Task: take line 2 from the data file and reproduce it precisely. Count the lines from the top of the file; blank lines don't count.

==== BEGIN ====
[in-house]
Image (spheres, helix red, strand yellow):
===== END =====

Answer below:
Image (spheres, helix red, strand yellow):